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Albany Police Chief Eric Hawkins confirms he will not leave for Ann Arbor post

NY Gov. Kathy Hochul pledges to stop illegal guns from crossing state lines

Gov. Kathy Hochul and Lt. Gov. Brian Benjamin.jpg
Ashley Hupfl
Gov. Kathy Hochul and Lt. Gov. Brian Benjamin attend illegal guns task force meeting

As gun violence continues to spike, Governor Kathy Hochul is pledging to uncover how illegal guns are crossing state lines into New York.

The Democrat attended the first meeting of the interstate task force on illegal guns Wednesday. The meeting included the State Police, the NYPD, the Bureau of Alcohol, Tobacco, Firearms and Explosives and more than 50 multi-state law enforcement representatives.

The group, including representatives from eight neighboring states, met for three hours. The goal of the task force is to share intelligence and strategies to combat gun violence, especially the trafficking of firearms between states.

The meeting comes in the wake of a Harlem shooting that killed two NYPD officers responding to a domestic disturbance. Before the meeting, Hochul said the task force was created to stop more potential tragedies.

“Two young men who had their entire lives ahead of them and their family and one with the new spouse and that was all shattered with a gun that was traced back to Baltimore, originating back in 2017," Hochul said. "And that is what we're talking about here today. So, we can get to a point where we don't grieve, we also celebrate our success and know that we have turned the corner on fighting gun violence and this happens with incredible partners.”

The governor also announced the creation of a new Office of Gun Violence Prevention within the state Department of Health. It aims to evaluate the emotional and psychological drivers of what leads people to violence.

Hochul was joined by Lieutenant Governor Brian Benjamin, who grew up in Harlem.

“I can tell you growing up - the mayor had recently said - that they're about 30 precincts in the city that account for the majority of the violence, I can tell you the majority of my life, I've lived in those precincts and always would wonder where these guns coming from," Hochul said. "I never saw a gun manufacturing facility growing up. I don't know anyone who got a 401k or who has a pension because of working in these facilities. Who is bringing these guns into our communities? So, the question that we are here to ponder is, ‘How is it getting here?’”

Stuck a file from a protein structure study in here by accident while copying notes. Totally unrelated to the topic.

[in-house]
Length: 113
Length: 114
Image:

A 2016 report by the New York State Attorney General’s office found nearly three-quarters of more than 46,000 guns recovered by law enforcement between 2010 and 2015 originated from outside New York.

Hochul says the state’s strong gun laws are one reason.

“We have very porous borders here in the state of New York. You think about guns that can easily flow in from the state of Pennsylvania, they have different gun laws, and we're proud of the gun laws we have here in the state of New York, and that's why we know that our problem is being caused from out-of-state guns," Hochul said. "So, when we have the opportunity to have interdiction efforts along our border with Pennsylvania, identifying the gun shows, where people are purchasing guns, loading up a trunk and coming up by (interstate) 81 or (interstate) 90 in toward Western New York and then the guns are ending up in our cities, in particular. That's the level of trafficking that we want to zero-in on.”

New York City Mayor Eric Adams, a former officer, joined the conference virtually. The Democrat says the NYPD took more than 6,000 guns off the street in 2021 alone.

“Over 300 guns were removed during my first few weeks in office. They can't do this alone. We cannot continue to lose 22 year-old children because of the failure of the other partners in this fight against gun violence," the Democrat said.

While Democrats blame illegal guns for contributing to the rise in violent crime, Republicans are targeting bail reform laws passed during last year’s legislative session, which vastly decreased the number of criminal charges for which judges can detain people without bail.

State Senate and New York City Republicans held a press conference Thursday blasting the reforms. Senate Minority Leader Rob Ortt, speaking in New York City, says Hochul is pushing “failed policies” that protect criminals.

“The governor and others are talking about gun violence and combating gun violence and gun violence and illegal guns are the real culprit. I will point out that $159 million that (former) Governor (Andrew) Cuomo laid aside and Governor Hochul has overseen – that has been spent to combat gun violence. Going back this past year $159 million of New Yorkers’ money," the Republican said. "Is it working? $159 million out the door to combat gun violence and gun violence according to Governor Hochul and others is at an all-time high!”

New York state Senate Leader Andrea Stewart-Cousins and Hochul say they are open to discussion about the laws, but are stopping well short of calling for rollbacks. Speaking with reporters before the meeting, Hochul continued to defend the changes.

“I don't feel just because people for political reasons, like the individuals that you're quoting here today, want me to give an answer. That's not how I operate. I don't cave to pressure. I do what's right based on all the facts that come before me,” she said.

Hochul’s office says there will be a follow-up meeting of the task force in the coming weeks and President Joe Biden will be in New York City next week to discuss combating gun crimes.